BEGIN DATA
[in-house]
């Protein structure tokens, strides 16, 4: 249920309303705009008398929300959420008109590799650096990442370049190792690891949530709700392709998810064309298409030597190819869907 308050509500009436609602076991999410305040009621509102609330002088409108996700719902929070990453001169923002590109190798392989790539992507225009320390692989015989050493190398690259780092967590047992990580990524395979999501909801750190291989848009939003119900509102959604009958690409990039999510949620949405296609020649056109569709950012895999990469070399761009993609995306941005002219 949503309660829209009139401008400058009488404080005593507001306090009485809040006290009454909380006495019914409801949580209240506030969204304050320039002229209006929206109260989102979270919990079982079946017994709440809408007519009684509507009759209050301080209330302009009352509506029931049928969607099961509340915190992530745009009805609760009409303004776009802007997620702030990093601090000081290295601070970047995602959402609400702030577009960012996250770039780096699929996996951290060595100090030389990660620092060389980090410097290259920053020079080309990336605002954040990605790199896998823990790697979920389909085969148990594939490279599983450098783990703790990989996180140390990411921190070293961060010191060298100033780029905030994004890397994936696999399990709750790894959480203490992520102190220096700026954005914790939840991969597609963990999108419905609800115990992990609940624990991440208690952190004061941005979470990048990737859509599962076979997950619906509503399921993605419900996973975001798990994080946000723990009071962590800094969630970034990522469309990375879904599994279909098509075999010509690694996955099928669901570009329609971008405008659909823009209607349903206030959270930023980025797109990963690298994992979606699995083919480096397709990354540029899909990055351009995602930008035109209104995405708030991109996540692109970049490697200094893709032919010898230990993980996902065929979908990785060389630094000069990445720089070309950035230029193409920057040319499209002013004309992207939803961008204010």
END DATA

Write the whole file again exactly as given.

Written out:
[in-house]
């Protein structure tokens, strides 16, 4: 249920309303705009008398929300959420008109590799650096990442370049190792690891949530709700392709998810064309298409030597190819869907 308050509500009436609602076991999410305040009621509102609330002088409108996700719902929070990453001169923002590109190798392989790539992507225009320390692989015989050493190398690259780092967590047992990580990524395979999501909801750190291989848009939003119900509102959604009958690409990039999510949620949405296609020649056109569709950012895999990469070399761009993609995306941005002219 949503309660829209009139401008400058009488404080005593507001306090009485809040006290009454909380006495019914409801949580209240506030969204304050320039002229209006929206109260989102979270919990079982079946017994709440809408007519009684509507009759209050301080209330302009009352509506029931049928969607099961509340915190992530745009009805609760009409303004776009802007997620702030990093601090000081290295601070970047995602959402609400702030577009960012996250770039780096699929996996951290060595100090030389990660620092060389980090410097290259920053020079080309990336605002954040990605790199896998823990790697979920389909085969148990594939490279599983450098783990703790990989996180140390990411921190070293961060010191060298100033780029905030994004890397994936696999399990709750790894959480203490992520102190220096700026954005914790939840991969597609963990999108419905609800115990992990609940624990991440208690952190004061941005979470990048990737859509599962076979997950619906509503399921993605419900996973975001798990994080946000723990009071962590800094969630970034990522469309990375879904599994279909098509075999010509690694996955099928669901570009329609971008405008659909823009209607349903206030959270930023980025797109990963690298994992979606699995083919480096397709990354540029899909990055351009995602930008035109209104995405708030991109996540692109970049490697200094893709032919010898230990993980996902065929979908990785060389630094000069990445720089070309950035230029193409920057040319499209002013004309992207939803961008204010």